Pierre Bonnard was a French painter born in October 1867 and passed away in January 1947. Besides painting he was an illustrator and print maker, known especially for the stylized decorative qualities of his paintings and his bold use of color. He was a founding member of the Post-Impressionist group of avant-garde painters known as Les Nabis (or Prophets) and his early work was strongly influenced by the work of Paul Gauguin, and the prints of Japanese artists. He was a leading figure in the transition from impressionism to modernism. He painted landscapes, urban scenes, portraits and intimate domestic scenes, where the backgrounds, colors and painting style usually took precedence over the subject.
He was well educated and practiced law during which he enrolled in the Académie Julian in Paris, and was later accepted by the École des Beaux-Arts. He sold his first commercial work of art, a design for poster for France-Champagne, which helped him convince his family that he could make a living as an artist. He set up his first studio at on rue Lechapelais and began his career as an artist.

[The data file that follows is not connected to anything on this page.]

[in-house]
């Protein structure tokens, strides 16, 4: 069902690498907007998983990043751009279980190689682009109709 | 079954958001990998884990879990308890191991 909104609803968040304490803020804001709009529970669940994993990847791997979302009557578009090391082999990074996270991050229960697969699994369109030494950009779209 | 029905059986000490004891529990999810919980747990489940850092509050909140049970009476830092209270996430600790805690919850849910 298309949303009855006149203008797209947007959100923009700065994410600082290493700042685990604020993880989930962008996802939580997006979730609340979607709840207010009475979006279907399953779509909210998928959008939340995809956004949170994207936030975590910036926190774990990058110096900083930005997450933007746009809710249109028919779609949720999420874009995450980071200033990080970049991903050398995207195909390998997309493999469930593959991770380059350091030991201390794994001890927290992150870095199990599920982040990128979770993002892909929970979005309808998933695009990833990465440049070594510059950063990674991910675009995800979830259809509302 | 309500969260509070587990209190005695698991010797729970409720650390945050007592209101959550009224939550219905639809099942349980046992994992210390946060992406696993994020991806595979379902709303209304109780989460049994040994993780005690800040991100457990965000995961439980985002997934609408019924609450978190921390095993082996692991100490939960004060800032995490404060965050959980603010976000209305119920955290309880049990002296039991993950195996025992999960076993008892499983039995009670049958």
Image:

From 1893 until her death, Bonnard lived with Marthe de Méligny (1869–1942), and she was the model for many of his paintings, including many nudes. Her birth name was Maria Boursin, but she had changed it before she met Bonnard. They married in 1925. In the years before their marriage, Bonnard had love affairs with two other women, who also served as models for some of his paintings, Renée Monchaty and Lucienne Dupuy de Frenelle. It has been suggested Bonnard may have been the father of Lucienne’s second son. Renée Monchaty committed suicide shortly after Bonnard and de Méligny married.
This Bonnard is most likely Marthe de Meligny. It is called At the Casino, is a signed lithograph in color and printed under the direct supervision of George Besson in 1940. The image is scarce. The frame is 17.5″ x 20″ and the image is 8″ x 6.5″.